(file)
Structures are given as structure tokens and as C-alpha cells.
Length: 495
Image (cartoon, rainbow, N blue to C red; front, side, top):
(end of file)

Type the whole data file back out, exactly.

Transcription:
Structures are given as structure tokens and as C-alpha cells.
Length: 495
Image (cartoon, rainbow, N blue to C red; front, side, top):